The Covid-19 crisis has accelerated the need for incumbent firms to digitise. Whatever the final outcome is when the pandemic subsides, the banking and finance sector will require a different set of skills
Upcoming entrepreneurs must have a good understanding of trends and culture to become successful in the post-Covid-19 world.
Finance and banking experts expressed such an opinion at a webinar titled, "Post-Covid-19 Career in Finance and Banking" on Thursday.
The webinar was organised by the EMK Center in association with the University of Liberal Arts Bangladesh (Ulab) and The Business Standard, as part of a month-long campaign titled "Future of Work Post-Covid-19: Building a Sustainable Post-Pandemic Future for the Youth."
In this session, Oliver B Libby, managing partner and co-founder of Hatzimemos/Libby, a strategy and venture firm based in New York City, Asif Uddin Ahmed, acting director of EMK Center, and Professor Imran Rahman, advisor to the board of trustee at Ulab, discussed the future skills required for the finance and banking sector.
Speakers at the program said the Covid-19 crisis has accelerated the need for incumbent firms to digitise. Whatever the final outcome is when the pandemic subsides, the banking and finance sector will require a different set of skills.
Oliver B Libby emphasised that a crisis like this pandemic creates opportunities and accelerates trends.
His advice for all budding entrepreneurs who want to stay relevant is to understand trends and culture, be collaborative, be visionary and keep learning.
Oliver B Libby pointed out that though people were reluctant about globalisation in the past few years, this pandemic has pushed people to adopt technological solutions in every aspect of their lives.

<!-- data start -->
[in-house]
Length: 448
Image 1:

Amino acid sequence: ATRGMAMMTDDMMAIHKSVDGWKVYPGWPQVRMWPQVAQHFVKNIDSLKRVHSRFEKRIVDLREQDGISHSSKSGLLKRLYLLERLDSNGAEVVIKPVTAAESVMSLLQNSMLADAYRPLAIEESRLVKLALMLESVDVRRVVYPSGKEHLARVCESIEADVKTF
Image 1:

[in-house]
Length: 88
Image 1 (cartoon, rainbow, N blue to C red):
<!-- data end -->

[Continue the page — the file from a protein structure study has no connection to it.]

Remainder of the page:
"There will be no jobs without technology," he added.
He also shared his experience of working in the impact investment sector: how impact investment is creating differences in society while creating financial value.
Answering the question "What are the opportunities that were created in the pandemic?" Libby pointed out that as Covid-19 has loosened the old structures, the prospect of opportunities has increased.
He said financial and technological boundaries have broadened and authorities understood that opening border of rules will increase the flow of talent.
Oliver B Libby prescribed practicing baseline skills like understanding accounting and financial modeling, as well as up-level skills like negotiation, persuasion, inspiring and motivating teams and management.
"The ability to be dynamic is the most important skill" he concluded.
The webinar was inaugurated by Asif Uddin Ahmed, and Joshua Kamp, cultural affairs officer at US Embassy in Dhaka and moderated by Professor Imran Rahman.